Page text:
Washington on Sunday fired second-year football coach Jimmy Lake.
Defensive coordinator Bob Gregory will serve as interim coach for the 4-6 Huskies.
"Making a head-coaching change in any sport is difficult, recognizing that the decision impacts coaches, staff, student-athletes and their families," Washington athletic director Jen Cohen said in a statement. "However, as the steward of UW Athletics, I must always act in the best interests of our student-athletes, our department and our university. No one wanted Jimmy to succeed more than I when I hired him in 2019, but ultimately, this change is necessary for a variety of reasons, both on the field and off.
"I am grateful for Jimmy's service to Washington, and we wish him the very best of luck moving forward."
During a virtual news conference Sunday night, Cohen said she informed Lake of her decision earlier in the day in what she described as "a professional conversation."
Lake's firing comes on the heels of his serving a one-game suspension without pay on Saturday following a sideline incident on Nov. 6 in which he appeared to strike redshirt freshman linebacker Ruperake Fuavai during a 26-16 loss to Oregon.
On Saturday, the Seattle Times, citing five anonymous players, reported that Lake faced another allegation that he was physical with a player, during halftime of a game against Arizona in 2019.
It is unclear what role the two altercations played in Lake's dismissal, but according to the school, Washington will honor the terms of his contract. He is owed roughly $9.9 million, pending any offsets from future earnings.
"There wasn't one factor that led me to this decision. Wins and losses, no fan support -- [those are some] of many factors that you're considering when you're making a decision this impactful," Cohen said. "What I would just say is this was a very thoughtful decision that took me a lot of time and I had a lot of counsel in evaluating it. There's just not one incident or one factor that led me to this today."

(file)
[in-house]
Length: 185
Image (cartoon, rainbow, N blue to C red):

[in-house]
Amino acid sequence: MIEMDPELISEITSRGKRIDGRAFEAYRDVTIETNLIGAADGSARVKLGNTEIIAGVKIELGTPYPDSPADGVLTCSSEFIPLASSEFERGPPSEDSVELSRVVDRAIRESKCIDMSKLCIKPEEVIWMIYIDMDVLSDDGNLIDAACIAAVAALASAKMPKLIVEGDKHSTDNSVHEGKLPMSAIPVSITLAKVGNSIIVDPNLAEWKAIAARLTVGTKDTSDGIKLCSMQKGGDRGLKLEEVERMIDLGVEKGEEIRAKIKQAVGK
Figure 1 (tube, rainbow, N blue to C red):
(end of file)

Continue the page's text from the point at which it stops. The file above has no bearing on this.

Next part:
Cohen did not provide an answer when asked whether the school considered firing Lake for cause in light of the sideline incident. She said the school will cover Lake's contract buyout with athletic department revenue.
Lake had been viewed as a rising star in the coaching industry for years prior to being named Chris Petersen's replacement in December 2019. Lake served on Petersen's staffs starting in 2012 at Boise State, and was promoted to co-defensive coordinator at Washington in 2016.
Lake coached only 13 games at Washington before his suspension and eventual dismissal, and finishes his tenure with an overall record of 7-6.
Lake, 44, inherited one of the best programs in the Pac-12 from Petersen -- something he played a role in building -- but after going 3-1 in last year's condensed season, the Huskies have taken a significant step back in 2021.
They opened the year with a 13-7 loss to FCS Montana, have fielded one of the worst offenses in the Pac-12 and need to win their final two games (at Colorado; vs. Washington State) to reach bowl eligibility. Washington hasn't failed to qualify for a bowl since 2009.
Despite his previous reputation as one of the best recruiters in the country, recruiting has been dismal under Lake's watch. The Huskies are not ranked in the top 40 of ESPN's recruiting class rankings and are ranked No. 54 nationally by 247Sports.
Cohen said she will rely on a group of advisers in addition to an external search firm to find Washington's next coach.
Lake is the third Pac-12 coach to be dismissed this season, joining USC's Clay Helton and Washington State's Nick Rolovich. Rolovich and Lake were both hired prior to the 2020 season and both of their tenures ended without ever coaching in the Apple Cup rivalry game; last year's game was canceled due to COVID.
ESPN's Chris Low contributed to this report.